Being Cellfish

Stuff I wished I've found in some blog (and sometimes did)

The test stairway (or what to test how)

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The test stairway (or what to test how)

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A while ago I was asked how to handle the case where setting up unit tests became complex because you wanted to test at a lower level. Since that question itself confused me I tried to understand the problem and it turned out that person started by writing a test for some high level abstraction faking all dependencies. Once that was done he then tried to fake some lower level dependency using a real middle implementation and still calling things from the highest level. When I explained how he should think instead we came up with what we ended up calling the TDD stairway in our discussions. Take a look at the image (click on it for a larger version).

To the left i have just made up a number of abstraction layers you may have in your application. The blue arrows represent where your test code should make the call, i.e. how you invoke your code. The yellow boxes indicate parts you need to fake. The green boxes represent the code being executed in each case. As you can see you first have a three step stairway with unit tests (UT). When writing the unit tests you always have your test code pretend to be the abstraction above the code you want to test and you always fake the abstraction below the code you want to test. This is the kind of tests you should be writing when you do TDD/BDD.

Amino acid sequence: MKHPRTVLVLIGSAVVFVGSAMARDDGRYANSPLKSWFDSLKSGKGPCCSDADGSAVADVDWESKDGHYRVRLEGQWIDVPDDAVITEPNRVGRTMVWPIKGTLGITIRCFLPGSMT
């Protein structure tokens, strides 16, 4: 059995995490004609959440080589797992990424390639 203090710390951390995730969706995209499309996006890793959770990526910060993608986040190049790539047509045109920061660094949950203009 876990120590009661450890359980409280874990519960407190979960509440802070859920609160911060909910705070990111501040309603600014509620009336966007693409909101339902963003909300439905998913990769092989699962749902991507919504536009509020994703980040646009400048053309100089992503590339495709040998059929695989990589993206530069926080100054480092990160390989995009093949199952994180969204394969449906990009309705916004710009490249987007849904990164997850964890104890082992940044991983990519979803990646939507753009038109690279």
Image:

At least most of the time. Because sometimes it makes sense to write an integration test that uses the real thing all the way. These integration tests may be written by your test team if you have one but most of the time I think they would be written by the same person who write the unit tests. The interesting aspect of the integration test is that it uses almost all abstraction layers and may have a fake at the bottom.

Then there are also end-to-endtests (or scenario tests or acceptance tests or whatever you want to call them). These use the real thing all the way. No faking and no shortcuts! This is definitely something you'd have a separate test team working on.

And as ususal, no matter what type of test you write, you want it to be automated. Anyway, back the the stairway... I think it explains pretty good how to think when deciding what to test and how to test it (and what to fake) at different levels of abstraction. I've used this analogy multiple times and it seams to work pretty well so I wanted to share it. What do you think?

  • Very helpful for me.

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